Many in-house counsel have witnessed the business people doing something that may not be per se wrong, but that is questionable, in order to hit the profit goals and reap the big paycheck in return.

As we in-house counsel know, there is not always a bright line between what is ok and what crosses the line. Sometimes, even if the business people have crossed the line (something that is hard to decide, except in hindsight), they never seem to have to give the money back, or at least not all of it. There is always therefore a strong incentive to get as close to that line as possible. Some people say this is a good thing for business, others note that it flies in the face of many of the speeches from CEO's about "building cultures of corporate compliance."

Most of the in-hosue lawyers I know interpret their ethical obligations in a way that means drawing the line a little closer to the safety zone.

The Belnick case is interesting because it appears he got the same deal the business people got- a chance to score big, and not having to give any back. I do not know Mr. Belnick, and of course he was acquitted in the criminal case, so it appears he did not cross the line in that case. There is still a class action pending, but, for now at least, his choice appears to have paid off (and some of business people were not as lucky and were convicted, although it doesn't look like they had to give back all the money).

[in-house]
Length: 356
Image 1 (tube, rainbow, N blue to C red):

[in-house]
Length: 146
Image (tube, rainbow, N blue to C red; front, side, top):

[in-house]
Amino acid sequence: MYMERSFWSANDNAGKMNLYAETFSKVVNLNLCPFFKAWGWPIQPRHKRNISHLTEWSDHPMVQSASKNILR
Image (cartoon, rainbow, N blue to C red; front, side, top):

Question for in-house counsel: Would you do the same thing as Mr. Belnick if you could negotiate the compensation deal he obtained? Do you think would it affect your ability as counsel to provide legal advice?

Monday, May 01, 2006


One of the fun parts of this job is that I sometimes get to visit ACC chapter meetings all over the place. Last week I was in Parsippany NJ. Ok, not the hottest of spots, but since I grew up in-house in a large law department not to far from there in Newark, it was sort of like going home.

The interesting part of the meeting was a presentation by an independent organization called the Law Department Purchasing Consortium. They are trying to establish a network of suppliers, such as outside counsel and document management companies, and law departments, that will work together to create operational efficiencies. The buzzword was something about "adding value." In my experience, this concept is something everyone talks about, but few pull off.

The presentation was fascinating. If this group delivers what they are promising, it has the potential to be truly useful. If nothing else, the technology (which is free for law departments, at least for the first year), makes it worth a close look. You can find out more at :

Law Department Purchasing Consortium